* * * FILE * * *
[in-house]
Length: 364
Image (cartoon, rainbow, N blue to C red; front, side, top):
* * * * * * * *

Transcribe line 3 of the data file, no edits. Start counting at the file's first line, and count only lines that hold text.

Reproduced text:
Image (cartoon, rainbow, N blue to C red; front, side, top):